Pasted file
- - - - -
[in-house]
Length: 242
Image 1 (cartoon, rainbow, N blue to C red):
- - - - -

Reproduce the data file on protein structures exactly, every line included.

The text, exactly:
[in-house]
Length: 242
Image 1 (cartoon, rainbow, N blue to C red):